Stylistically, Edgar Allan Poe's stories and poems are characterized by elements we might now associate with the horror and gothic genres. There is usually suspense, created in part by an unreliable first person narrator, and there is also often a supernatural presence. Poe also often relies on dark, sinister settings, and macabre imagery.
His poem "The Raven" demonstrates most of these stylistic elements. For example, the poem begins "Once upon a midnight dreary," and later we are told that it is set "in the bleak December." There is also a fire which casts ghostly shadows upon the floor. This is a typical Poe setting. It is dark, shadowy and implicitly hopeless. There is also suspense in the poem because we, and also the narrator, don't know why the raven haunts and taunts the narrator. The raven also seems supernatural, and the narrator is convinced that it is a "thing of evil" with eyes that "have all the seeming of a demon's." The poem is also full of macabre imagery. As well as the "Ghastly grim and ancient raven," there are also images of "tempest(s)," "fantastic terrors," and the "Night's Plutonian shore." There is also of course the recurring image of the narrator's "lost Lenore," which constantly reminds us of her death.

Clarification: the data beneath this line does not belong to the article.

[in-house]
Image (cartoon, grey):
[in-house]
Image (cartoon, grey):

Poe's short story "The Tell-Tale Heart" is also a good example of many of the aforementioned stylistic elements. The narrator is obviously, from the beginning, quite mad, and certainly unreliable, even though he insists that his madness is a "disease [which has] sharpened [his] senses," rather than dulled them. There is also in this story lots of macabre imagery, most notably perhaps the beating heart beneath the floorboards, but also the dismembered corpse of the old man. There is also plenty of suspense, as the reader wonders throughout the story whether the narrator will get away with the murder he has committed. As for the setting, this too is dark and gothic. The grisly murder takes place "at the dead hour of the night," and at the end of the story the narrator and the police officers sit "upon the very spot beneath which repose(s) the corpse of the victim."